The clinical characteristics of cancer, including growth, metastatic potential, and response to treatment, are greatly influenced by dysregulation of gene transcription. Gene expression profiles are currently being utilized as tumor biomarkers, indicators of treatment sensitivity or resistance, and prognostic predictors. In the future, there may even be a role for therapeutic agents that reactivate a silenced tumor suppressor or silence an activated oncogene. In total, 3.5% of the transcriptome is regulated by PARP-1 with 60–70% positively regulated (76), including genes involved in tumor promotion such as JUND, MDM2, HGF, FLT1 (VEGFR1), EGFR, HIF2A (EPAS1), SPP1 (OPN), MMP28, ANGPT2, and PDGF (77). As discussed below and shown in Figure 4, this regulation can occur broadly through interactions with nucleosomes and modification of chromatin, can be gene specific through interactions with promoters and binding factors, or can result as a combination of the two, as binding of PARP-1 to nucleosomes mediates its localization to specific target gene promoters (78, 79).

FIGURE 4
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Figure 4. Poly(ADP-ribose) polymerase-1-regulates gene transcription through multiple mechanisms. [1] PARP-1 binds neighboring nucleosomes resulting in chromatin compaction. [2] PARP-1 PARylation of core histones mediates chromatin relaxation. [3] PARP-1 promotes hypomethylation of DNA by enhancing the chromatin insulator activity of CCCTC-binding factor (CTCF) while inhibiting methyltransferase activity of DNMT1. [4] PARP-1 promotes loading and retention of RNA polymerase II at active promoters. [5] PARP-1 binds regulatory DNA sequences and transcription factors, PARylates transcription factors, and recruits additional regulatory binding proteins in a target gene specific manner.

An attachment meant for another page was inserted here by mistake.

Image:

Chromatin Structure

One mechanism by which PARP-1 alters gene expression is through regulation of chromatin structure and, thus, DNA accessibility. Simultaneous binding of multiple neighboring nucleosomes by PARP-1 compacts chromatin into a supranucleosomal structure, repressing gene transcription (79). This structural change is further stimulated by histone deacetylation mediated by a complex consisting of PARP-1, ATP-dependent helicase Brg1 (SmarcA4), and HDACs (80). Conversely, PARylation of core histones promotes charge repulsion-induced relaxation of chromatin and recruitment of transcription machinery (8183). PARP-1-mediated PARylation also results in disassociation of linker histone H1, a repressor of RNA polymerase II-mediated transcription; accordingly, higher proportions of PARP-1:H1 indicate active promoters (84), suggesting potential utility of PARP-1 as a biomarker for actively transcribed genes. Although these outcomes can be separated by PARP-1 activity (protein binding versus enzymatic function), pharmacologic inhibition of PARP affect both actions, indicating manipulation of chromatin accessibility through PARP-1 is not currently an option for cancer therapy.